Is it India? Or is it Catalina?

Let’s have a contest, get the brain going.

With dewpoints hovering near, and even eeking into the low 70s in AZ, with giant thunderstorms complexing our weather with sudden stupifying downpours, one wonders, after all of these blogs, this “body of work” if you will,  if the several people who comprise the Cloud-Maven blogpire, one that radiates from one part of Catalina to another,  would be able to know where they were if they could be transported to the locations in these two sets of four photos.   (BTW, all of which were taken by the present Arthur–hahahaha.)

OK, drum roll, insert photos here.

Two were taken at the Madras (now Chennai) International AP in Meenambakkam, Tamil Nadu, India, in September 1975, and the other two just yesterday afternoon in Catalina, where most of us live.  Remember, there are mountains in India, so just because you see some mountains doesn’t mean its NOT India.  Also, just because I mentioned two were taken in India first, doesn’t mean necessarily that they are the first two shots below.

OK, begin thinking and analyzing, maybe drink some more coffee.







OK, if you guessed the first two photos were actually taken in India during the REAL monsoon in 1975, you were right.  That’s a friend, Venkateswaran, on the far right of the first photo admiring the arcus cloud ahead of the downpour.

The result of our “pseudo-monsoon”,  which was a pretty good imitation of the real thing yestserday,  shown in the second set of two photos, was another 1-2 inches in the CDO watershed, 0.75 inches in here SE Catalina, 1.16 inches at Sutherland Heights, and a whopping 1.92 inches yesterday afternoon and Our Garden (Jesse, personal communication), keepers of the Catalina long term climo records.

What was the effect on the CDO River at the bottom of East WIlds Road?

It got huge.  Coulda rafted brown water.  Below are more shots of the CDO wash/river again for the second day in a row, ones after yesterday’s dump.  A young bystander (i.e., fellow gawker) said I had arrived after the peak!  Said the churning waves that developed every 20 min or so due to surges down the wash, were 8-10 feet high!  Here they were about half that, 4 feet or so from trough to ridge.  I wanted to “shop” a water buffalo in one of these photos so BAD!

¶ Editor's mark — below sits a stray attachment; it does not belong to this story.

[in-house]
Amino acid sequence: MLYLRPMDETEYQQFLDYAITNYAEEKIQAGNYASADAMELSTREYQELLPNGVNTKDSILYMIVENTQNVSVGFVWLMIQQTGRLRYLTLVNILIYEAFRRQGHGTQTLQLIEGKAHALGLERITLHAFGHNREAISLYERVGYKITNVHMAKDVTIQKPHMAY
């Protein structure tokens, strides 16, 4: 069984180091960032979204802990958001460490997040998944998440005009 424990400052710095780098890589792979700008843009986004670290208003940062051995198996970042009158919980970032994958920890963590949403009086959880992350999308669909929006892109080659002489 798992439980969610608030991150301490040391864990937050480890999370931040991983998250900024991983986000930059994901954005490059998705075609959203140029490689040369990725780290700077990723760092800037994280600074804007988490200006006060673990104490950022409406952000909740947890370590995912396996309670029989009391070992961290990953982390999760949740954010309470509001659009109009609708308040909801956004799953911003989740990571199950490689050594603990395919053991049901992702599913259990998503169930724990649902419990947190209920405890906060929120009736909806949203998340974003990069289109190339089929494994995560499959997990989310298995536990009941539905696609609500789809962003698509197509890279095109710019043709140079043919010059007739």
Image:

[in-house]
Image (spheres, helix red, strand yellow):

Of course, this flood is “mild” compared to the Aug 25th, 2003 flow, which covered Lago del Oro road.

BTW, rainfall totals hereabouts are now up to or exceed the average July monthly amount of 3.xx inches.








The Weather Ahead

With high dewpoints once again today, 64 F here in Catalina, more large thunderstorms are pretty much in the bag, and importantly, this assertion is corroborated by calculating models, all that I looked at.  Here is the forecast rain picture for 4 PM today from the Beowulf Cluster at the University of AZ: 4 PM 20120715_WRF Precip (Flash Animation)  As you will see, WIDESPREAD rain is expected, with totals in the “best” cores getting up to 1-2 inches again.  Wow, three days in a row of major storms.

Things are supposed to dry out some tomorrow, but showers will still be around before a break of a couple or three days.

The End.

By Art Rangno

Retiree from a group specializing in airborne measurements of clouds and aerosols at the University of Washington (Cloud and Aerosol Research Group). The projects in which I participated were in many countries; from the Arctic to Brazil, from the Marshall Islands to South Africa.